• GamesRadarJoeMcNeilly - August 18, 2009 3:28 p.m.

    More cyberpunk-is-now video of BigDog:
  • GamesRadarJoeMcNeilly - August 18, 2009 2:54 p.m.

    Thanks for all the great comments, I really enjoyed researching and writing this article. If you couldn't tell, I'm a huge fan of cyberpunk. I still cherish my Cyberpunk RPG, still in the original box with the original dice that I bought back in 1988. I wish I'd had more time to explore the sociological and philosophical aspects of our current technological scenario... know any book publishers who are interested in a Complete History of Cyberpunk?
  • HardlyBirdman - August 17, 2009 3:54 p.m.

    Another ballot cast for 'Best Researched GR Article' The topic is a little existential in comparison to the usual "this is what's going on in games now" vibe of GR, but I'm more than okay with that. I would be supremely happy to see more articles like this about bigger issues related to games. Great read; thank you!
  • rxb - August 17, 2009 11:40 a.m.

    Good article, felt like Ive be educated a bit. Will defo read the book at some time. I cant wait till next time I jack into cyberspace to play gears of wars too.
  • rebelx18 - August 17, 2009 1:01 a.m.

    i almost never comment but dam that was beautiful really bravo an utterly brilliant article i enjoyed the metropolis and Blade runner refrences XD
  • cosmolu - August 16, 2009 1:17 a.m.

    Absolutely brilliant article, guys! This is why this is always my first stop on the interwebs. Please keep the awesomeness coming!
  • noswar26 - August 15, 2009 7:04 p.m.

    Holy shit that article was deep. reCAPTCHA: kate fragments
  • Elessar - August 15, 2009 4:31 p.m.

    Best artice ever produced here, please, please PLEASE produce more similarly 'high-brow' articles in the future.
  • mbalexa - August 15, 2009 4:26 p.m.

    creeplytuna, as others have said, this is a GREAT book, it is one of my all time favorites. William Gibson is credited with coining the term "cyberspace" and for anyone that has not read Neuromancer, it is a must. The rest of his collection should not be overlooked either. GREAT ARTICLE!
  • awackslash - August 15, 2009 3:28 p.m.

    I agree with derigible...but seriously, @loonyman978 (and others with same view) how can you not understand this article? It's merely pointing out that while not as drastic as any of the cyberpunk universes, we're on the right track for creating such a downer society.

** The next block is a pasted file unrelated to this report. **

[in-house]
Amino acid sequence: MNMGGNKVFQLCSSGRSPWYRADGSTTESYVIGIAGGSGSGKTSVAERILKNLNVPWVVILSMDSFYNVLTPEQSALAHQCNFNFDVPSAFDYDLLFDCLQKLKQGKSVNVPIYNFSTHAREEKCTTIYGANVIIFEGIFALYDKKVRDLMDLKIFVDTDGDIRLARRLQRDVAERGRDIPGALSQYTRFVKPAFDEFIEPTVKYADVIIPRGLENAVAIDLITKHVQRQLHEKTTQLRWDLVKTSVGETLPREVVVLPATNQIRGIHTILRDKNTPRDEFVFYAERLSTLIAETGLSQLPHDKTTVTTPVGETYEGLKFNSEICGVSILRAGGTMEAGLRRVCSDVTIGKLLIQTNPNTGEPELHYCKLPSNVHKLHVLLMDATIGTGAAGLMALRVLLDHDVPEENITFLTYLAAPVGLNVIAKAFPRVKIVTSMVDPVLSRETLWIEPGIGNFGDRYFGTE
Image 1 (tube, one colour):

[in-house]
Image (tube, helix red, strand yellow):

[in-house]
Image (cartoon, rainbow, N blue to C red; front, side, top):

• Doctalen - August 15, 2009 7:50 a.m.

    Such an eye opener. For the time till I fall asleep I am going to be paranoid but then forgot and become one with cyberspace again.
  • RickyV300 - August 15, 2009 4:46 a.m.

  • mman36 - August 15, 2009 4:18 a.m.

    This is easily the best article on the entire site! I immediately had to go look for change to buy Neuromancer, and I was flipping out at the video about the implants. MOAR! reCAPTCHA- Odetto dong
  • Derigible - August 15, 2009 3:49 a.m.

    Great article, why are you all so surprised that something like this is on GR. The guys are very capable of writing stuff without boobs. But I, am not. Boobs
  • CreeplyTuna - August 15, 2009 2:33 a.m.

    anyone know if this book is really good? cuz i can only read books that don't suck ass. always end up like 20 pages in and get bored.
  • uz_mike222 - August 15, 2009 1:40 a.m.

    @doomdoomdoom Dude, go read a book series that has 900pgs per book, and i dont mean Harry Potter or Lord of The Rings. but it was a good article, once im done with the book series im reading, ill probably go take a look at it.
  • sniper430 - August 14, 2009 11:26 p.m.

    ahhhh double post i shall forever be commissioned to shame! I apologize :P
  • sniper430 - August 14, 2009 11:25 p.m.

    GR, this is why i haven't abandoned you for N4G A~freaking~mazing article, keep it up please!